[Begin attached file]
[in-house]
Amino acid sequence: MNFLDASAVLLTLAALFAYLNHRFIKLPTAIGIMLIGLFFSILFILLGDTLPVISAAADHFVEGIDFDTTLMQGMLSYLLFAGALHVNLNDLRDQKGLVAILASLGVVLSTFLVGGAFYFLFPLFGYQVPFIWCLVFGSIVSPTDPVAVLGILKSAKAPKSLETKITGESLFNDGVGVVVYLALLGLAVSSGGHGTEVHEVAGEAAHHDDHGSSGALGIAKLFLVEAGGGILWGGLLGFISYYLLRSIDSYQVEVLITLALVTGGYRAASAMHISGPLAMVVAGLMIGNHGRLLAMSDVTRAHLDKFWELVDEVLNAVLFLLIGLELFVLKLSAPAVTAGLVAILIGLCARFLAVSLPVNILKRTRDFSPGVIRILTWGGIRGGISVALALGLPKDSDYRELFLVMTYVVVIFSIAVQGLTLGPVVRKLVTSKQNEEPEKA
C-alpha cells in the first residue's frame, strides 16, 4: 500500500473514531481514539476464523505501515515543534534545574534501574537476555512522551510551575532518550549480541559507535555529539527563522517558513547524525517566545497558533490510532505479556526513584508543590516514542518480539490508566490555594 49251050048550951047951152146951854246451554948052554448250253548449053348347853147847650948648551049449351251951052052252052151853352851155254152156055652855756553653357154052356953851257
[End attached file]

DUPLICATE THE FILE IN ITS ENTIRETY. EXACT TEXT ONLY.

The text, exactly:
[in-house]
Amino acid sequence: MNFLDASAVLLTLAALFAYLNHRFIKLPTAIGIMLIGLFFSILFILLGDTLPVISAAADHFVEGIDFDTTLMQGMLSYLLFAGALHVNLNDLRDQKGLVAILASLGVVLSTFLVGGAFYFLFPLFGYQVPFIWCLVFGSIVSPTDPVAVLGILKSAKAPKSLETKITGESLFNDGVGVVVYLALLGLAVSSGGHGTEVHEVAGEAAHHDDHGSSGALGIAKLFLVEAGGGILWGGLLGFISYYLLRSIDSYQVEVLITLALVTGGYRAASAMHISGPLAMVVAGLMIGNHGRLLAMSDVTRAHLDKFWELVDEVLNAVLFLLIGLELFVLKLSAPAVTAGLVAILIGLCARFLAVSLPVNILKRTRDFSPGVIRILTWGGIRGGISVALALGLPKDSDYRELFLVMTYVVVIFSIAVQGLTLGPVVRKLVTSKQNEEPEKA
C-alpha cells in the first residue's frame, strides 16, 4: 500500500473514531481514539476464523505501515515543534534545574534501574537476555512522551510551575532518550549480541559507535555529539527563522517558513547524525517566545497558533490510532505479556526513584508543590516514542518480539490508566490555594 49251050048550951047951152146951854246451554948052554448250253548449053348347853147847650948648551049449351251951052052252052151853352851155254152156055652855756553653357154052356953851257